Have the AIDS talk with your Kids, because Alicia Keys said so
By Clarissa Joan
Human Immunodeficiency Virus infection (HIV) and Acquired Immune Deficiency Syndrome (AIDS) are a spectrum of conditions that affect over 35 million people world-wide. According to the Center for Disease Control, African Americans have the most severe burden of all racial/ethnic groups by accounting for 44 percent of new cases. Also known as HIV/AIDS, these conditions destroy the body’s immune system’s ability to protect its self against harmful bacteria and other illnesses.
In 2003, Grammy award winning superstar, Alicia Keys, co-founded the Keep A Child Alive organization to realize the end of HIV/AIDS. Now, 12 years later, she believes it’s time for parents to talk to their kids about the impact of HIV/AIDS.” PEOPLE magazine interviewed Keys about her thoughts on the subject as it relates to parenting.
“It’s important to talk to our kids about having compassion and not ostracizing people who are infected or affected by AIDS. We must understand this is something we still are fighting and we can make tremendous strides if we keep this at the top of our list. We’ve come so far, and it would be such a shame not to take it all the way. My dream – the dream we all have – is to know we have created an AIDS-free generation. And we can do that. I hope that people who read this will be inspired to join us, learn more and be part of the end.”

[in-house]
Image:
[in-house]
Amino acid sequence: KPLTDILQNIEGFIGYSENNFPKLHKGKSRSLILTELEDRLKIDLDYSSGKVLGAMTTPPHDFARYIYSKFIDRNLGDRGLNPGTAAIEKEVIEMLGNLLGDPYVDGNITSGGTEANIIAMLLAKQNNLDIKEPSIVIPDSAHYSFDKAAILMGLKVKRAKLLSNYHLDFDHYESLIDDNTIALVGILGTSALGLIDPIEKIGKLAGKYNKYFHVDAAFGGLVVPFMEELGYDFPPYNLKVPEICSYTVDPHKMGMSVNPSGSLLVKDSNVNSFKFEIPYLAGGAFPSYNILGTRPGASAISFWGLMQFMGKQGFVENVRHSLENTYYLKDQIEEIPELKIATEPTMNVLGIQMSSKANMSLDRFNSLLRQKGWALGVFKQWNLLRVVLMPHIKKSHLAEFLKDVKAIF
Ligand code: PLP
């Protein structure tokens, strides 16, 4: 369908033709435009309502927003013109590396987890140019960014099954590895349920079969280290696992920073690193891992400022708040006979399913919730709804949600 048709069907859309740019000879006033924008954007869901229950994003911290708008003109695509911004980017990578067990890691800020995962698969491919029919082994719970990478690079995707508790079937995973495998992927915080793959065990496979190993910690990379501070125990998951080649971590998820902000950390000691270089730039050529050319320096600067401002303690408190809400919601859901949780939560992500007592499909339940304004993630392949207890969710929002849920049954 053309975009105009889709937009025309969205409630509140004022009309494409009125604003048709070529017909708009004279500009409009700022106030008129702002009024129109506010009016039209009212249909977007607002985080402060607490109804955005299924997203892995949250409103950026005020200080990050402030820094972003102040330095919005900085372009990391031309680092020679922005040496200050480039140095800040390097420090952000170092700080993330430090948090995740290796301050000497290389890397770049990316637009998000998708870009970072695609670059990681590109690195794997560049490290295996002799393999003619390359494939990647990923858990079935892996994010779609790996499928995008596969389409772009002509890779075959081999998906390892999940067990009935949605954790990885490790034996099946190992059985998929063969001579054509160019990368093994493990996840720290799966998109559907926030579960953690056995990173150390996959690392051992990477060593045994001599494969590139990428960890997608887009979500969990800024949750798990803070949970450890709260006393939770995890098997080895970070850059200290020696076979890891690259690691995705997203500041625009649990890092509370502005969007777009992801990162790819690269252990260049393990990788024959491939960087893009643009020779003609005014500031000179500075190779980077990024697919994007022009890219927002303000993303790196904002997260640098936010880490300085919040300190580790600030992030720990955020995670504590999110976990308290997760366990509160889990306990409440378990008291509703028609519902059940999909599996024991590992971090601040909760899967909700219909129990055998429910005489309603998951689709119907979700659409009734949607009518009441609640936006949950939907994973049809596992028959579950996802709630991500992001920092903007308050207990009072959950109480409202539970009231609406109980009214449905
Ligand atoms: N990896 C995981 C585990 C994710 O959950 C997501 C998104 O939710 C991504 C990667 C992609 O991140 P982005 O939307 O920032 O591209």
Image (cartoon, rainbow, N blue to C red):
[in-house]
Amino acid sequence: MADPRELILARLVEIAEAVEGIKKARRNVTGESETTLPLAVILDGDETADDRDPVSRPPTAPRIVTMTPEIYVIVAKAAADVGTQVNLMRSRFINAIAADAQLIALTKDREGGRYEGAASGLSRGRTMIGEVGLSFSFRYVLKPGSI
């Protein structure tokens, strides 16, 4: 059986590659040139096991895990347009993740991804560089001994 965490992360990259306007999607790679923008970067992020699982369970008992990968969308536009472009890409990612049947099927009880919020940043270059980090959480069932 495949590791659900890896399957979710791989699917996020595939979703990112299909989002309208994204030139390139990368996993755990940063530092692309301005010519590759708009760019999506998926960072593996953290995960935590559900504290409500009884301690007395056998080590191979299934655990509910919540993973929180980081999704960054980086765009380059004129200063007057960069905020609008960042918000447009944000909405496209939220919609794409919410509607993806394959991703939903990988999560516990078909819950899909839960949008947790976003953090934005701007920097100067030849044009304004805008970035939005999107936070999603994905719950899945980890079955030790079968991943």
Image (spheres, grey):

This coming Nov. 5, 2015, Keys and her staff at Keep A Child Alive will be hosting their annual fundraising gala, The Black Ball at the Hammerstein Ballroom in New York City. Last year alone the event raised $2.4 million for the organization. In its 12 year long history fighting the epidemic worldwide, KCA has served over 300,000 people and they have witnessed improvements in the lifestyles of those living with disease. Medications now exist that make it 96 percent less likely that a person with the conditions will pass it on to a partner or loved one.
But what does all of this have to do with you and your child? Is it Alicia Keys’ business, how you communicate social issues in your home, and why does she care?
When Keys was young, her mother’s good friend passed away from HIV/AIDS.
“My mother’s friend passed from AIDS,” the singer, 34, told PEOPLE. “I think I was eight or nine-years-old. I was old enough to know that he wasn’t there anymore and to ask for him. My mother, of course, couldn’t really explain to me what it meant.”
In the PEOPLE interview Keys, now a mother herself, shares how she speaks to her own children about her work with Keep A Child Alive, “My oldest is only five, so I definitely talk to him about being compassionate for people in different circumstances. When I leave, he’ll say, “Mommy, where are you going?” or “When are you coming back?” I’ll tell him, “I’m helping some kids who are just like you and they need us to help them because they’d be really sick if we didn’t.”
She acknowledges that her toddler children are too young to understand the complexities of the illnesses, but that laying the foundation for compassion and understanding is still a priority of hers.
All children are different and they process new information on their own accord no matter what similarities they may have in age or grade level. With that being said, when should we speak to our children about death, sickness, poverty, illnesses, and common concerns about the preservation and the dignity of human life?
Are you ready to talk to your kids about HIV/AIDS? Do you believe this conversation will make a difference in their lives?
We’d love to hear your thoughts.
Clarissa Joan is a spiritual life coach and editor-in-chief of The Clarissa Joan Experience. She resides in Philadelphia, Penn. with her husband, their two girls, and a yorkie named Ace. Clarissa is also an expert in impact investing. She is the Communications Associate at Impact America Fund.